So I’m reading Your Money or Your Life which is really captivating. One simple concept which seems obvious in the book is that if your money is your life energy, then what you spend it on ought to reflect your values. Agreed. I like to spend money on beautiful things, novel experiences and fine food.
I consider myself financially responsible in that I have always lived well within my means and we continually save for the future. If I examine my deeply held values, I have to say I truly care about aesthetics and always, always have. From a child I was into decorating. I remember we had a beat up end table that my mom let me have. I cleaned and refurbished it and turned it into a vignette in my room with my most prized possessions, a white porcelain unicorn with a gold horn and a white rabbit pelt from the north rim of the Grand Canyon. I was so proud and delighted, I had to show everyone. When my dad saw how I had improved the end table, he made me put it by his smoking chair to hold his ashtray in the family room. I was crushed. Not merely because that was an A-hole-y thing to do, but because I lost something pretty that made me happy.
In college, I lived in Leverett house which was notorious for sporting the ugliest boxiest beige and grey towers with faded yellow curtains. I saved money by not buying a plane ticket home for Thanksgiving so that I could buy a rug, a can of paint to paint my shutters navy blue, hunter green bed sheets which I hung to replace the yellow curtains (this was, after all, the late 90’s), and twinkle lights–I was on the cutting edge of that trend. And you know what? Decorating my room brought me joy.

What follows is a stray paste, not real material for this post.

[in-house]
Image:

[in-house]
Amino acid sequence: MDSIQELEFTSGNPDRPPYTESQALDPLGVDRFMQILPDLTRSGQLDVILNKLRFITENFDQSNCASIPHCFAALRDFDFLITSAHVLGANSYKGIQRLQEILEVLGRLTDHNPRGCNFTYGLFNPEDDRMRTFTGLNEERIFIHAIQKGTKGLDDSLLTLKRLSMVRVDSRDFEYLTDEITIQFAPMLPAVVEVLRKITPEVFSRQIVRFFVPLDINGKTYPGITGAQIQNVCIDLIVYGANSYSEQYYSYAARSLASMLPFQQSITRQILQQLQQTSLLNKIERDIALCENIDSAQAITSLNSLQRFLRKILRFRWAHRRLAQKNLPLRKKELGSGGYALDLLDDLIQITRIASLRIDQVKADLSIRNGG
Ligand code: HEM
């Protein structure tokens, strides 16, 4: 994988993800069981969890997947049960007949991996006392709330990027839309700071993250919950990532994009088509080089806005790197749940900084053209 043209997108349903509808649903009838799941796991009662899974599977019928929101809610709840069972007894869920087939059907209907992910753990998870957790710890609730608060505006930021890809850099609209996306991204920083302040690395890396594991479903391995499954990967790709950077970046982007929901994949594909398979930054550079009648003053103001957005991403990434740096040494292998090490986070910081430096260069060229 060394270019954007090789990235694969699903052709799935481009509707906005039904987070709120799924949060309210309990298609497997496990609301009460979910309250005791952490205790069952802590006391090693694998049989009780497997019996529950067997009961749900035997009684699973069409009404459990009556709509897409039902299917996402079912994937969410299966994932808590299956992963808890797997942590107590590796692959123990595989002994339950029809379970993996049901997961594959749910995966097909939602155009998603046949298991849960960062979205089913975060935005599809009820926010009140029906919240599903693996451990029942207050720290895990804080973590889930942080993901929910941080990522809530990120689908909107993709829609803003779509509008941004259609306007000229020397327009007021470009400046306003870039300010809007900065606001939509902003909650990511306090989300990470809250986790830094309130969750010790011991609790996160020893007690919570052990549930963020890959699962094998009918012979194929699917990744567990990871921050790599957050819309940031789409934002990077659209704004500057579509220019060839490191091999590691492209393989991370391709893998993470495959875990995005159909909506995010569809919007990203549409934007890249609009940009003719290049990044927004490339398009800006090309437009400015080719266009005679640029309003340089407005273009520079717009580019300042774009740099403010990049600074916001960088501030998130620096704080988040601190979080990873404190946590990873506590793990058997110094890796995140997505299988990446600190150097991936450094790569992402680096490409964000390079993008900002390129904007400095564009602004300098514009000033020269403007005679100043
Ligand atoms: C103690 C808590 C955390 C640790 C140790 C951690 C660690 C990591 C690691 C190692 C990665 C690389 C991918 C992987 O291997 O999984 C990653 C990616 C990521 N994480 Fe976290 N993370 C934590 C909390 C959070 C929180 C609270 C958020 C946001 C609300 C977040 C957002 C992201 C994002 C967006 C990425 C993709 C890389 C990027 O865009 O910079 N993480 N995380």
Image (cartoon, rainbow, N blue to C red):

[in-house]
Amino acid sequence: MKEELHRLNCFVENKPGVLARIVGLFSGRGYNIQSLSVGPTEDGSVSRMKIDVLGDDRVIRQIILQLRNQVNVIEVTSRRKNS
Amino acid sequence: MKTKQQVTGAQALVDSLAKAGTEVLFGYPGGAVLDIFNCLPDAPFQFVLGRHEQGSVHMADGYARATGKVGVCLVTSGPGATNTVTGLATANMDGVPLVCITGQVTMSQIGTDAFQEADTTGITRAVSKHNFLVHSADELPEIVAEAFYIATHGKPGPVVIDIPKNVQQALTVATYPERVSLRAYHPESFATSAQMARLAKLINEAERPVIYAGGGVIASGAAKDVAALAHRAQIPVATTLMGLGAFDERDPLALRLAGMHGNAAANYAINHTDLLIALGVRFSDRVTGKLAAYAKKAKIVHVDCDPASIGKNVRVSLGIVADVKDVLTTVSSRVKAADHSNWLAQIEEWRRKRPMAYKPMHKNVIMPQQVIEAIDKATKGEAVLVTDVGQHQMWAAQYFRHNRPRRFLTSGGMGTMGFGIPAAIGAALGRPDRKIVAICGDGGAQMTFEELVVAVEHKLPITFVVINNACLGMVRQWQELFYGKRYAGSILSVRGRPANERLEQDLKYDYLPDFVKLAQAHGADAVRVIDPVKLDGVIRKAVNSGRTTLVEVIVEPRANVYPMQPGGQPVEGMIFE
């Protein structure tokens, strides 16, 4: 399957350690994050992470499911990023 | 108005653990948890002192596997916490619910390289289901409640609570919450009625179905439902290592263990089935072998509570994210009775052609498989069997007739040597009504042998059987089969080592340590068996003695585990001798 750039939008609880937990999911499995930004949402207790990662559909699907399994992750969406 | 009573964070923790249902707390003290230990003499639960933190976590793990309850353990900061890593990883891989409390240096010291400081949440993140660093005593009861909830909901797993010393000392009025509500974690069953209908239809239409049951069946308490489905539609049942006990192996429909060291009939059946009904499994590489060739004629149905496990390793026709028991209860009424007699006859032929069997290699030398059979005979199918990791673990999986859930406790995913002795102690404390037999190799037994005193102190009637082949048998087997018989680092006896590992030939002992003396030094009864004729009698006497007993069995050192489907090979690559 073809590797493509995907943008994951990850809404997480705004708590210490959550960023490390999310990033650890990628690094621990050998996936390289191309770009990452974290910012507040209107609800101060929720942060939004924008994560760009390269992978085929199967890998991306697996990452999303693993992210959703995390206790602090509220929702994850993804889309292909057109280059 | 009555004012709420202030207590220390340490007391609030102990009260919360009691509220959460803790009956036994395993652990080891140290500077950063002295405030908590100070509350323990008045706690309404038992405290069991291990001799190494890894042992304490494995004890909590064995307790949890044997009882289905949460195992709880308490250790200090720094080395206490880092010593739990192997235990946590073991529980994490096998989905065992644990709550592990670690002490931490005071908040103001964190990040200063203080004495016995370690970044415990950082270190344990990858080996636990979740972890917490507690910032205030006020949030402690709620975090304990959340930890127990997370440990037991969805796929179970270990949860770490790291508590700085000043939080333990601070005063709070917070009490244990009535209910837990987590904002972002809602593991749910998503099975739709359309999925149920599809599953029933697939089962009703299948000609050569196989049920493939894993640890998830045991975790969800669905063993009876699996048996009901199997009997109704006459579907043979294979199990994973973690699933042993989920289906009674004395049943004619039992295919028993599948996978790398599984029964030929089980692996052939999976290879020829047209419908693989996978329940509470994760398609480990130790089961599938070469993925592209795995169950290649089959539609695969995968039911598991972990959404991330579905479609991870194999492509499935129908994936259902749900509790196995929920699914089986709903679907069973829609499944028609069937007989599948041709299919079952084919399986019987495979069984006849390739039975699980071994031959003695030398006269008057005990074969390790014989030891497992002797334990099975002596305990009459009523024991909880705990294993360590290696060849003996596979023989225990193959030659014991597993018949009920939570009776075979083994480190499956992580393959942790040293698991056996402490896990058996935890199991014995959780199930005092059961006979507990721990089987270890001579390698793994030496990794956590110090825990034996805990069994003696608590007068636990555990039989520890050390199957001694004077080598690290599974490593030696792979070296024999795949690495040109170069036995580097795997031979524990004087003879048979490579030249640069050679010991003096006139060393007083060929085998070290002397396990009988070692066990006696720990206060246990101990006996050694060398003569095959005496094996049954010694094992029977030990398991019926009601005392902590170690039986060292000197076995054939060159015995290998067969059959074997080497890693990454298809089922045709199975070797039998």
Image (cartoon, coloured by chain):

So example A: me. A person who has always cared about the aesthetics of her environment. Would example A be happier trying to not care about the aesthetics of her environment and trying to see aesthetics as a meaningless waste of money or life energy?
It seems like people who care about looks less and who care about material things less than I do might be happier than people like me, but does it necessarily follow that I personally would be happier than I am now if I cut those things out of my life? Can one tell oneself “be less materialistic” or “care less about aesthetics” and have that actually work? Or would I just be miserable in an uglier world trying to fake indifference to my surroundings?
I feel pressured (not sure by what exactly) to reevaluate my priorities and realize what truly makes me happy is going on nature walks with my kids, when if I’m honest, I would far rather be reupholstering shield back chairs.
Again, I’m not arguing that less materialistic people might be happier. But I wonder whether it isn’t similar to finding out that blue-eyed people are happier. Okay, so if I put in blue contacts, will that make me happier? I don’t know.
Has anyone been materialistic or aesthetically oriented all their lives and then been able to change their heart? Did you find yourself more fulfilled? I would love to ask some questions of such a person.
Because all I’m doing right now is fretting over how much I enjoy the time I spend designing my new dining room in my head and online.
On a related note: WHAT MAGICAL FAIRY OF GOODNESS DROPPED THESE MAGNIFICENT HYDRANGEA CUTTINGS OFF ON MY DOORSTEP YESTERDAY?! I am crazy about them, and I must know who this thoughtful person was. You’ll get just as many awesomeness points for the gesture if you tell me who you are as you would for dropping them off anonymously.
And now I promised I would watch Project Runway with Fluffy if she finished her lesson. So far, my money’s on the sustainably repurposing dude.